WASHINGTON – With the surprise resignation of CIA Director George Tenet (search) on Thursday, many officials inside and out of government are wondering what changes are in store for the spy agency, and speculation starts with the name of the person who will replace the 7-year head of central intelligence.
For now, deputy director John McLaughlin (search) will take over as acting head of the agency when Tenet departs in mid-July, and several sources speculate he will stay in his post until after the presidential election in November.
The reasons for that speculation are simple. The Bush administration has come under intense scrutiny over the quality of its intelligence and the decision to act on it even when its strength is questionable.
Before the election comes, the commission investigating the Sept. 11, 2001, terror attacks will make its findings and recommendations. It has already strongly condemned the CIA (search) for pre-Sept. 11 failures. On top of that, the Senate Intelligence Committee will give out its report on faulty prewar estimates of Iraq's weapons capabilities. Sen. Carl Levin, D-Mich., a member of the panel described the release as "a very stinging report of failure inside the CIA."
With those reports on the way, the last thing Bush needs is to get bogged down in a fiery Senate confirmation hearing that would likely veer into topics other than the president's choice of a new director for the agency. Aside from that, Congress is spending very little time on Capitol Hill over the next few months as lawmakers gear up for the elections. That gives them little time to vet a potential candidate.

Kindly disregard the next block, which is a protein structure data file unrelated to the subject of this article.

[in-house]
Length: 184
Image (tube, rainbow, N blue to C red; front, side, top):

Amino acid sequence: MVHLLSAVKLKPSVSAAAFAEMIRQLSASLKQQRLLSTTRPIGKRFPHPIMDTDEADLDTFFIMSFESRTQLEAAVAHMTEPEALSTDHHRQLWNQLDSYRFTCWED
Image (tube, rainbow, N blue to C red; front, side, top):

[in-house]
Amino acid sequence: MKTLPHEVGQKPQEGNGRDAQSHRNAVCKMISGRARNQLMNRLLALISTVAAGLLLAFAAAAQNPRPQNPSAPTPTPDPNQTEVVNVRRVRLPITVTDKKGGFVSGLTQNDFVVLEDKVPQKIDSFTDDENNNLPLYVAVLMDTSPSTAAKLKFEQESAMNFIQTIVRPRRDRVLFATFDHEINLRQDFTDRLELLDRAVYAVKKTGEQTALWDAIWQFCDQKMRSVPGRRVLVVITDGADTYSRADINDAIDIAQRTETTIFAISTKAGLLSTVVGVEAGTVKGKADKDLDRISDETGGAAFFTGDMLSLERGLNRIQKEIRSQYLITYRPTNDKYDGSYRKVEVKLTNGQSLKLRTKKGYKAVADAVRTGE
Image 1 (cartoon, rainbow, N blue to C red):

But even if a hearing were to come, possible replacements for Tenet are still anybody's guess. Several names have been offered as Tenet's potential successor, including Deputy Secretary of State Richard Armitage (search); former New York City Mayor Rudy Giuliani (search), who was in office at the time of the terror attacks; former Sen. Bob Kerry (search), D-Neb., who is a member of the National Commission on Terrorist Attacks Upon the United States; and House Intelligence Committee chairman Porter Goss (search), R-Fla. Goss is retiring at the end of this congressional term.
"I think Porter Goss or Rich Armitage would have to be considered the likeliest choices," said Michael Hirsh, senior editor of Newsweek.
Goss told Fox News that he hasn't given a thought to becoming the next head of the CIA, but the former CIA operative did not rule it out.
"I've never campaigned for that job and I've never been asked to consider it seriously by anybody in the administration, but anybody, after I retire from elected public office, who came to me with a proposition and asked me to render some services to the United States of America, my country, of course, I would consider that very carefully," Goss said.
As for other candidates, Giuliani's spokeswoman discounted the speculation, and observers say it's unlikely he would want the job.
"Giuliani would be insane to take the job and I don't see the president appointing Bob Kerry," said Time magazine writer Jay Carney.
Carney added that several changes could be in store for the intelligence community now that the vacancy has created an opportunity for a general overhaul of the troubled agency.
"There is this whole issue of reforming the entire structure of U.S. intelligence agencies, and one might argue that why appoint a new director of central intelligence now when as early as next spring there may be efforts underway to completely restructure U.S. intelligence with a new national czar of intelligence, a national director over the CIA, over the Defense Department intelligence agencies and with the possibility of creating a domestic spy agency along the lines of Britain's MI-5 (search)," Carney said.